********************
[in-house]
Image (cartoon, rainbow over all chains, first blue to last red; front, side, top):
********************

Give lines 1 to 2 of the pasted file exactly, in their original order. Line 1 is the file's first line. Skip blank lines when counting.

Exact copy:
[in-house]
Image (cartoon, rainbow over all chains, first blue to last red; front, side, top):